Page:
(Before It's News)
There's definitely some benefits to doing NaNoWriMo in November. However, if you couldn't do it this month, don't despair. You can reap the same rewards in March. Or July. It just takes some creativity.
Think of these NaNoWriMo components–and create your own writing challenge:
- Accountability and Support–Let your writing pals know what you're embarking on (go public with it) and you'll be amazed at the outpouring of love and help you get in return.
|This is one page from my 2016 NaNo.
I shared it at a writing retreat a few weeks ago.
Four different writers gave me feedback.
Those purple notes on the margin are going to be gold when it comes time to revise.
- Networking and Perks–Sure, when doing the official NaNoWriMo, you can network with other NaNo-ers all over the planet. However, if you're doing a DIY NaNo, you can create your own network. I'm working on a historical fiction project centered in the 1920's. A writing friend was at a teachers' convention a couple of weeks ago, and she snagged a free YA novel about the same era–just 'cause she knew it would fuel my fire. And yes, if you do NaNo in November, you can earn all sorts of cute badges and banners. But you can set up your own perks if you do your own version of NaNoWriMo.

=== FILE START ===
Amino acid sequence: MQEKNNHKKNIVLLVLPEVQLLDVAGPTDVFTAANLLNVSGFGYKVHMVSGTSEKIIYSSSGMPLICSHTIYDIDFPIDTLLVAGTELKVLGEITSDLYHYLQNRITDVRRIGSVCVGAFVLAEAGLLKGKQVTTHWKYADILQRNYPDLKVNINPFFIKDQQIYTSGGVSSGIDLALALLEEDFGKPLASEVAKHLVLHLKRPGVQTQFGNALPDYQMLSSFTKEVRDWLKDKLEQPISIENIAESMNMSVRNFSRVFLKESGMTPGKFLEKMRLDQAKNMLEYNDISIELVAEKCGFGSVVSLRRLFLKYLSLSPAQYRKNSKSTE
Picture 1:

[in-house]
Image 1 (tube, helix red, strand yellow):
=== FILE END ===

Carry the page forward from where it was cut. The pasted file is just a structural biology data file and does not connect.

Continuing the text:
When I add 800 more words to my manuscript, I'll treat myself to 1/2 a jar of Nutella.
When I finish this chapter, I'll mix up a batch of chocolate chip cookies… and I might even bake some of 'em.
Well, you get the idea…
- Competition and an Artificial Sense of Urgency–A bit of friendly competition never hurt anybody. Pair up with a writing colleague, and see who can make the most progress in a month. (Remember: whatever headway you make means you're a winner, writing-wise.) And having a self-imposed deadline looming over your head? When word count is all that matters, you go into “down draft” mode.
What's a “down draft,” you ask? These three draft stages come from Anne Lamott's Bird by Bird. With the first draft, the ultimate goal is get the story down. Lock that internal editor in a closet. Who cares if your writing is horrid? It's all horrid in the first draft…
The next draft is the “up draft.” Now's the time to fix your story up. Look at the down-and-dirty word choices, and revise. If you've got big chunks of telling, transform it into showing. Pretty it up with some rich similes. Fiddle around with the rhythm.
The final one is the “dental draft.” Just like your dentist checks every nook and cranny in your mouth to make sure your teeth, fillings and gums are all in perfect shape, you should now be checking the tiny details of your manuscript. Punctuation. Typos. Missing words. Tense changes. Take your time and be thorough.
So, if you didn't take the NaNoWriMo plunge, it's not too late. Pick a month, any month… and dive in.
Sioux Roslawski is a St. Louis dog rescuer with Love a Golden, a grandmother and a writing teacher of middle-schoolers and adults. This month she was a NaNoWriMo loser, getting only an anemic 22,018 words down as of today–far less than the required 50,000 to be considered a NaNo winner… yet she's loving this WIP and will continue to plug away at it. To find out more about Sioux and her writing, please visit her blog.
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